In 2005, the American Counseling Association (ACA) published a document titled the ACA Code of Ethics which was designed to aid counselors in the ethical decision making process and, in response, “expand the capacity of people to grow and develop” (p. 3). The ACA Code of Ethics provides regulatory guidelines for all counselors to follow in ethical decision-making and practice. Of a more specific nature, the American Association of Christian Counselors (AACC) has also published a document stating the ethical practices and procedures for the Christian counseling field. The two documents contain many similarities, but, due to differing goals and principals, also containing may differences. This paper compares these two documents and more specifically focuses on the similarities and differences in the areas of confidentiality, fees, and records.
General Comparison of Ethics Codes
The ACA Code of Ethics and the AACC Code of Ethics are both written for those involved in the field of counseling and helping others and are written with a central focus on the well being and protection of clients. The major difference leading to most other distinctions in these two codes is centered on the guiding principals and goals of each organization. The ACA code is written from a secular perspective with emphasis on human development and embracing diverse cultures, ideas, beliefs, and lifestyles while the AACC (2004) code is written from a biblical perspective with its primary goals being “to bring honor to Jesus Christ and his church, promote excellence in Christian Counseling, and bring unity to Christian counselors” (pg. 3). The AACC code is written with respect to much more specific beliefs and thus, in many areas, provides more specific requirements and guidelines.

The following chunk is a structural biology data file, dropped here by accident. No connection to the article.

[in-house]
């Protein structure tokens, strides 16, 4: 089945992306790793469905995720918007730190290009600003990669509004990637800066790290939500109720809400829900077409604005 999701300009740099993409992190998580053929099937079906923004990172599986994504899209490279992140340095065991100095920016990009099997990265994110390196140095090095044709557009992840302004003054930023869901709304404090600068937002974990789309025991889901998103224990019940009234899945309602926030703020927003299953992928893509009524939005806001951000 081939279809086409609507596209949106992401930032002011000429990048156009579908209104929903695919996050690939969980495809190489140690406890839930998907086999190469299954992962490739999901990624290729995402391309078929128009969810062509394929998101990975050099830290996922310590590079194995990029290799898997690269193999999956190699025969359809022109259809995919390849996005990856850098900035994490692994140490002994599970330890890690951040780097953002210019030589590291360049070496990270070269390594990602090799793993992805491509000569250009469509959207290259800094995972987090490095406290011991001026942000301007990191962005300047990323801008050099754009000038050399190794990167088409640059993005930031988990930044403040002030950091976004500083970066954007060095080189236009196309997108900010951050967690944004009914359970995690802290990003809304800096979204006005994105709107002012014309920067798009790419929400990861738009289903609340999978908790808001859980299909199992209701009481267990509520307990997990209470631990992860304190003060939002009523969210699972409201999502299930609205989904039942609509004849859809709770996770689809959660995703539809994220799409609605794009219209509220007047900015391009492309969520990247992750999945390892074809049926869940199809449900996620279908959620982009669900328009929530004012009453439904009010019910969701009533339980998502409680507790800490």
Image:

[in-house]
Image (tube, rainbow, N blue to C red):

Both ethics codes exhibit a central concern for the confidentiality, privacy rights, and the well-being of clients with respect to furthering education, training, experience and practicing counseling only within credentials and obtained level of knowledge. Exhibiting a more specific set of beliefs and values, the AACC code is founded on seven biblical-ethical foundations and thus requires specific actions and procedures in the areas of abortion, divorce, premarital and extramarital sexual behavior, homosexual and transgendered sexual behavior, and euthanasia and assisted suicide.
The ACA and AACC codes do also differ in composition style. The ACA code is divided into eight sections with ethical standards and practices discussed for each section and references often made to other sections containing pertinent information to the topic being discussed. The document is well formatted and very easy to read and find topic information. The AACC code is more complex and provides information for a variety of counseling roles including Christian counselors, supervisors, educators, researchers, writers, ordained ministers and pastoral counselors, and lay helpers and other ministers. The document...